Many countries want to ensure that future generations of telecoms are used to reduce digital divides, whether that’s between different races, genders, beliefs and more. In the USA the term is ‘digital equity’ but there are similar aspirations elsewhere.
This is all very well, but diversity within the telecoms sector has long been acknowledged as a major challenge. Addressing gender diversity effectively has been an aim, because it opens up a broader talent pool and allows for more varied perspectives in designing customer propositions and processes; at the same time it has proven a tough nut to crack.
Joana Filipe, Head of People and Culture at Vorboss, has been going right back to basics to address the issue, as she told 6GWorld recently speaking about their Female First Initiative. It is part of a drive to recruit in a way that will allow for more effective competition against, for example, the tech majors of Silicon Valley.
“Money isn’t all that matters. For Gen Z diversity is the watchword,” Filipe explained.
“Tapping into their core values means signing up top talent – candidates who will define the future of work. CEO Tim Creswick is personally involved and regularly consults with diversity, equity and inclusion experts to help us understand what we can do better.”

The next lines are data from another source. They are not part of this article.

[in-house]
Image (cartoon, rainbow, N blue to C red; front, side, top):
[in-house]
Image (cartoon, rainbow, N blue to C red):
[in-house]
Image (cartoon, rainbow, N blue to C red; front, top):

This isn’t simply a feelgood initiative, either. “By creating the best culture for both men and women in the telecoms and tech industry, and striving towards that essential gender balance, we’ll be able to get the best people – and the best out of everyone,” said Filipe.
Sha-Sha Feely is an example of exactly this. Having started as an apprentice fibre installer, she is now Operations Lead.
“It’s difficult to find women with industry experience,” Filipe commented, “so at Vorboss we invested in in-house training. We give the right skills, tools, and materials to those who don’t have a telecoms background.”
Fibre installation probably isn’t the first thing one thinks of when talking about women in tech, so it’s certainly a striking example of how companies can change not just mindsets but very practical elements on the ground to make a suitable environment.
Filipe noted that, “Like many telecoms installers, our uniform designs were based on male physiques. Once we realised they didn’t fit our female staff – boots, gloves, and overalls were all too big – we acted immediately. We invited our female technicians to join meetings with suppliers and to ensure we now offer bespoke uniform options. The same applies for our tools out in the field.”
Feely noted the positive impact that challenging the standard protective equipment and tooling had had on her work.
“This should be the norm – no one should be penalised for their anatomy,” she said.
While the physicality of the work itself is not a hindrance, there are circumstances which have to be taken into account in order to get the best out of a diverse workforce and therefore retain it.